Sam Cooney

I have a friend in Melbourne who is a paste-up artist. Under the guise of the moniker ‘Drab’ he creates small and large scale pieces of art, prints them onto jumbo sheets of paper and—normally in the quiet post-midnight hours—sticks them onto surfaces in and around the city and its suburbs. For as long as I have known him and followed his work (we used to live in an old weatherboard together with a few other sharehouse denizens and so I was able to watch him from go to whoa) I have been jealous. Not because I want to be a paste-up artist (mixing the glue is labourious enough, let alone doing the actual pasting up, which requires considerable measures of dexterity, mettle and stealth), not because I wish I had a smeck of talent for visual arts (although I do wish it; I can’t draw; I’m one of those people who when asked to draw a cat or dog or horse will end up with something on the page resembling a mutant platypus) and not because I harbour secret guerilla-ish urges to skulk about at night doing things naughty (again, I do, but that’s irrelevant, for here anyway). I’m jealous of Drab because his creative toils, along with all paste-up’s elements of artistry and inventiveness, is so tangible, so perceptible, so hands-on. In the space of a day—or a few days for a larger/more elaborate piece—he is able to devise and produce something in the shelter of home or studio, on his computer or by hand, in silence, channeling his imaginative energies into image-on-paper, and then go out into the world and literally place it there, in that wider world, under the cover of a greater silence, knowing that people are very soon going to see his work and react to it. He can even go back there and watch people as they interact with his paste-ups. It’s so seeable, his work is, and corporeal, and finite. And the best bit: his paste-ups never last. They are pulled off or covered over or simply peel away over time, and then it is finished. What a lark, creating something whilst already having its death in sight.

Writing and publishing a novel is just about the opposite experience (or at least it has been for hundreds of years, but it might be morphing now). It’s not something you can fashion with your hands and then go out into public and stick it up and then it’s done. It can’t be assembled in a day or two or even a week (although of course there are exceptions to that rule, but they are exceptional exceptions, like Oliver Sacks, who wrote his first book Migraine in nine days, but only because he’d vowed to himself that if he didn’t finish it in ten days he would kill himself, and anyway, this was after a protracted period of trying to write the book, so the nine days was really a whole lot longer) and it’s not going to disappear completely within a few weeks at most. Writing and publishing a novel is a commitment to something, and it’s scary and long and shit a lot of the time.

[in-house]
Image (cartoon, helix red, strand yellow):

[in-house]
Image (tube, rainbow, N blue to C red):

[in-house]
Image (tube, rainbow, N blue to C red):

I consigned myself to this writing caper because of novels. I loved reading them so I wanted to write them. I haven’t succeeded yet, not even once. And to make things stickier, writing novels now is no longer just writing novels. Maybe it never was, I don’t know, but it seems harder somehow than ever before. It sure feels as if everyone’s turning and staring at this thing we call a novel and asking it to explain itself. But a novel is not a bath plug, or a stretch of asphalt, or a banana. Its raison d’être is subjective, and even if one can justify exactly why they alone think it is important, many others think it nonessential. A novel’s whys are different depending on wheres and whens and whos, and this slipperiness makes it vulnerable. In a recent interview with Full Stop critic Marco Roth was asked to give his opinion on the state of the novel, and his one line response sums up the predicament facing many wannabe novelists and even already-novelists: “Easier than ever before to write one, harder than ever before to know why you’re writing one.”

I have found that the whys and wherefores of producing and publishing a novel is something that people either get or they don’t. It’s almost a gut thing. Or an eye thing, if the eyes are portals to the gut. You can see it in someone’s eyes, whether they understand or not. Some acknowledge writing novels as a job like any, like a plumber or a zookeeper. Some see it as high-falutin’ nonsense. And there are lots of people scattered in between.

Douglas Adams, who said a lot of smart things, generally shied away from thinking of his writing as art. In The Salmon of Doubt he wrote, “I get very worried about this idea of art. Having been an English literary graduate, I’ve been trying to avoid the idea of doing art ever since. I think the idea of art kills creativity.” I tend to disagree with him but like his intentions. Fiction writing is art, is an art, etc., there’s no way around it, at least in my general definition of what art is (making something using creative skill and imagination that aims to be appreciated for its emotional power). But the idea of art that Adams is talking about, the idea that one is creating something lofty and orotund and like, setting sights on a sublime realm or whatever: this is anathema to me. Creating art doesn’t mean you are channeling some higher consciousness. It does mean you are using your brain and personality to explore avenues interesting to you. It means you have to take your work seriously. Roxeane Gay wrote about this recently, and it’s worth checking out.

So, the (accursed) question: why write a novel? To convey information? To provide entertainment? To learn about others? To get famous? To learn about yourself? Because you don’t want to get a “real” “job”? (Because you like to use “scare quotes” when writing your deadpan narcoticised Meursault-meets-Zetland fiction?) Because the pursuit of good art is the path to something something?

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